Whether or not you’ve been baring your tonsils in a vacuum lately, it’s still a small consolation for us trail runners.
In the forest at night, everyone can hear you scream but they don’t know what’s eating you. So the first lesson of trail running is keep your wits about you – or else the forest beasties will devour you, alive!
A spooky pine plantation somewhere in the middle of nowhere, at least two day’s hike out. The air is thickly shrouded in mist. It’s like a scene from The Day of the Triffids – except no man-eating plants are in sight. Yet.
A Bedford truck grumbles and grinds in from the gloom and shudders to a noisy halt. There’s the sharp hiss of air brakes. Doors open and are slammed closed. Two pairs of heavy boots crunch their way to the rear of the truck on the forest debris. The tailgate is dropped noisily. “Get out!” barks a voice. It doesn’t sound very friendly. Probably not an SPCA inspector then?
From the gloom of the tarpaulin cover appear six haggard and worried- looking people, all dressed in… base layers, trail shoes and hydration packs.
What the heck is going on?!
“Stand over here,” barks The Voice. OK, he’s definitely not from the SPCA.
The five shuffle nervously into a ragged line. It’s starting to look suspiciously like an execution lineup. It’s so quiet, you can hear a pine nut drop.
The Voice shifts to a more agreeable tone, one a Mafia hitman might use before ‘doing’ you: “Tell us what we need to do to become better night runners and we’ll let you go. Maybe. You’ll have to run out though. Count yourselves lucky.”
Then the first runner, Andrew Booth, with thick black hair and matching beard, steps forward, hesitates for a moment and then stands like he’s delivering an Oscar acceptance speech, with a distinctly Natal Midlands voice:
Andrew’s seven tips
“First, get a good LED headlamp.
“Second, do your first night run on a smooth trail. Judging the distance and placement of obstacles on a technical trail can be tricky.
“Sometimes you can get away without any lighting. Just give your eyes time to adjust. This is often better for depth perception than having a light. This next one often leads to wipeouts.
“You’ll often find yourself looking down at the trail too frequently. There’s a way around that. As you become confident that you know what to expect in the next few steps, glance up briefly to spot overhead obstacles like branches.
“Next tip is vital: run in groups, like we were doing when you rounded us up. Having a few lights around you helps to spot potential hazards. But make sure those with more powerful lamps run in front. A bright beam shining from behind casts a shadow ahead of those ahead and makes it difficult for them to see tripping dangers low down.
“Use all your senses. Your hearing and smell can tell you a lot about your surroundings. Trust them.
“Mist like this makes for very difficult night running, especially when it gets thick and reflects your headlamp beam straight back at you. That’s what I can suggest you do.”
“Er, could I go now, you did say we could go?” he asks, not doing a good job of masking his nervousness.
“Ja, get the hell out of here, Bushy!” barks The Voice.
In a flash, a second dude takes his spot, looking relieved, not like when he emerged from the truck.
His wiry athletic frame looks like someone who might win an Impi Challenge or a few trail runs. Maybe his friends call him Caballo Negro (black or dark horse). Or maybe they don’t. Maybe they call him Charl Souma behind his back. Who knows?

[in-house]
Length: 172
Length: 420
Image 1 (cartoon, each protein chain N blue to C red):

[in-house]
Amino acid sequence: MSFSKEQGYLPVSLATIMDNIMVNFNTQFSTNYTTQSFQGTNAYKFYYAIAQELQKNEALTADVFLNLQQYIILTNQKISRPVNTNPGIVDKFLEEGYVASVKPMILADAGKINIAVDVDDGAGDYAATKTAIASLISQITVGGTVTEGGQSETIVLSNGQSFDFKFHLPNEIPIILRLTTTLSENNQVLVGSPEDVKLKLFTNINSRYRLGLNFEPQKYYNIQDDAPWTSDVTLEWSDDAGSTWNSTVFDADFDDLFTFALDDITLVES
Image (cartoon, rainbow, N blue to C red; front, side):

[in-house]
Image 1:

“My main word of advice is that if you are going out at night, carry the required safety gear, especially a cellphone, warm gear, a space blanket and a headlamp.
“The speed at which you are running will determine how far ahead of you the beam should cast. Don’t be afraid to adjust the beam for downhill and flat running. Once your path is illuminated, keep your focus on the ground. There’s no view to look at so don’t be tempted to take a peek around you until you are stationary.”
He opens his mouth to continue… but is interrupted:
“Get out of here, that’s enough already!” bellows The Voice.
There’s the rapid pitter-patter of feet on gravel as he gaps it (he’s obviously a Lee Saxby 180bpm student).
Then a strong- looking (but not Amazonian-tall) woman steps forward and says with a hopeful smile:
“Hey guys, night running is always an adventure. You can never tell when you are going to be running uphill or down, or how long you will be doing it for. I love not knowing what lies ahead. Often, you only realise it’s an uphill when you feel the burn in your legs or your speed increases as you hit the downs.
“Lift your feet a little higher than you normally do if you sometimes drag them. This will save you tripping over any branches, roots or rocks that jump out from the dark.
“Trust your memory, it’s amazing. You remember what’s coming and react to it without thinking.
“Relax and enjoy the ride. If you tense up, you will find your lower back will be pretty sore the next day, so just roll with the terrain and keep smiling. I hope that helps.”
“Yes. Enough. Go!” yells the Voice.
(There’s the sound of very fast running, as the runner known as Tracey Almirall makes good her escape.)
Seconds tick by as the footfall of the fleeing runners diminishes. Then there’s just the humming sound of the forest.
The Voice turns to his silent comrade and says: “Jeez, wasn’t that was a major mission getting tips from those trailies? Never again. Maybe it’s time we learn to read on the farm so we can get tips from experts without interrogating trespassers, just like those cool TRAIL mag city slicker readers do. This sucks, let’s get out of here. This place gives me the creeps.”
A second later, they hear the sound of a stone being dropped on another stone in the dark.
They look at each other, pale as sheets.
This (true-ish) story appeared in TRAIL issue 7.